They Wam Me Bach: How the US Women Stole My Heart [VIDEOS]

I tuned in somewhere around the 70th minute.  An online stream from what I assumed to be Scotland, based on the brilliance of the accents, featured a pair of commentators outraged by what had just transpired on the pitch.  A misguided foul call in the box against the United States.  A red card unfairly awarded to Rachel Buehler.  After a brilliant penalty save by Hope Solo, a phantom off-line call on the American keeper allowing a second attempt for the Brazilians and an equalizer.  From that point forward the Scots took every opportunity available to dissect every moment of the referee’s match.  Seeing the video later, they were right to do so.

I didn’t turn the match on with any expectation of emotional involvement.  Outside of Grant Wahl’s now-seminal Twitter feed, I can’t say I know much of anything about the women on the US national side.  Being that the team has very little exposure outside the World Cup, I can’t entirely blame myself.  Having watched each of their group stage matches, I found the entire WC enterprise to be lacking in those things that make top-tier international soccer so wonderful.  There was no fluidity to the match.  There was no consistency in the attack.  There was no control from the host of subpar referees.  And almost strikingly worse, there was no atmosphere inside the stadiums to inspire.  That atmosphere that elevates World Cup football from every other sporting event in creation.  The whole production seemed sloppy.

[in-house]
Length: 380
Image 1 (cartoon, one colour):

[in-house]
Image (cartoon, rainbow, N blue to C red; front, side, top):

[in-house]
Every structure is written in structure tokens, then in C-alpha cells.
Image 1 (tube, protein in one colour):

But then the US women went a “man” down to Brazil.  When you come from where I come from, disliking Brazilian soccer is as common as eating and breathing.  During the 1998 World Cup final, my buddy and I called a local Brazilian restaurant after each of the three French goals, punctuating our douchebaggery with an extended “goooooooooooooooooooooooool”.  And why not?  After Brazil beat the US in the ’94 knockouts, we had to endure a caravan of Pintos floating green and yellow out their windows down Kearny Avenue, honking celebratory horns.

So I started to get into each Megan Rapinoe run up the left flank.  I started to curse every unlucky bounce of the ball inside the Brazilian box.  I started to shake my head and walk around the room nervously each time a Brazilian women decided it was nap time and laid out on the pitch in a time-killing maneuver.  If this were Sweden or France or Japan on the other side, who knows?  But this was Brazil.  The US and Brazil.  And it occurred to me that it doesn’t matter what sex the individual in the kit happens to be.  When the kit features the letters U and S, I’m in.

And then it happened.  Extra time.  Stoppage time.

I’m hooked.  This kind of guts deserves to be celebrated by anyone who loves the game in this country.  I follow the USMNT and its players round the clock, four years after four years, and live and die with their World Cup efforts.  The women will never equal that.  But they have earned a respect that I thrilled to give them.  A respect that most likely means nothing to Solo and Wambach and Boxx but it does mean something to me.  They’ve guaranteed another pair of passionate eyes on their semifinal with France Wednesday.

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